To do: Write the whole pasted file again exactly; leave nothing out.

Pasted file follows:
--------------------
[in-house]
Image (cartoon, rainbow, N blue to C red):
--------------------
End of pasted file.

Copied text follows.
[in-house]
Image (cartoon, rainbow, N blue to C red):